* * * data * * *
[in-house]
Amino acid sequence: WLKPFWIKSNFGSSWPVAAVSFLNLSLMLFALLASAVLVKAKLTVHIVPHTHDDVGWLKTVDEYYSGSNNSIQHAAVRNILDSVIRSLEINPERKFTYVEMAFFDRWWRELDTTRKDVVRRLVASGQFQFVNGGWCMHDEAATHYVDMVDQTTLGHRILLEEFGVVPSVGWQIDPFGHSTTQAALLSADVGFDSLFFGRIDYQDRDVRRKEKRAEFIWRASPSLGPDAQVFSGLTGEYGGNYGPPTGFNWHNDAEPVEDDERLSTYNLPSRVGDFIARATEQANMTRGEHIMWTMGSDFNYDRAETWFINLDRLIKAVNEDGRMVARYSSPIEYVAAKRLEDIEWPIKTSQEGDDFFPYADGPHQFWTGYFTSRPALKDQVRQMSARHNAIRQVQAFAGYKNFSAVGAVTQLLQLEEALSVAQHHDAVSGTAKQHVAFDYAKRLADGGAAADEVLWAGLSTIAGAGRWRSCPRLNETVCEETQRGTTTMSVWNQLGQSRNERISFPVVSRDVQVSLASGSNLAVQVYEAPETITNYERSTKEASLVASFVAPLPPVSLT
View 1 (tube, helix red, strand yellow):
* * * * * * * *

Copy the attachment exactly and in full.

[in-house]
Amino acid sequence: WLKPFWIKSNFGSSWPVAAVSFLNLSLMLFALLASAVLVKAKLTVHIVPHTHDDVGWLKTVDEYYSGSNNSIQHAAVRNILDSVIRSLEINPERKFTYVEMAFFDRWWRELDTTRKDVVRRLVASGQFQFVNGGWCMHDEAATHYVDMVDQTTLGHRILLEEFGVVPSVGWQIDPFGHSTTQAALLSADVGFDSLFFGRIDYQDRDVRRKEKRAEFIWRASPSLGPDAQVFSGLTGEYGGNYGPPTGFNWHNDAEPVEDDERLSTYNLPSRVGDFIARATEQANMTRGEHIMWTMGSDFNYDRAETWFINLDRLIKAVNEDGRMVARYSSPIEYVAAKRLEDIEWPIKTSQEGDDFFPYADGPHQFWTGYFTSRPALKDQVRQMSARHNAIRQVQAFAGYKNFSAVGAVTQLLQLEEALSVAQHHDAVSGTAKQHVAFDYAKRLADGGAAADEVLWAGLSTIAGAGRWRSCPRLNETVCEETQRGTTTMSVWNQLGQSRNERISFPVVSRDVQVSLASGSNLAVQVYEAPETITNYERSTKEASLVASFVAPLPPVSLT
View 1 (tube, helix red, strand yellow):